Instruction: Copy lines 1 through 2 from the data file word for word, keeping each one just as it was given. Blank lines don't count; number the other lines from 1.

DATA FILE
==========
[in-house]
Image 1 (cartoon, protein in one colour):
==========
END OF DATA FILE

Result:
[in-house]
Image 1 (cartoon, protein in one colour):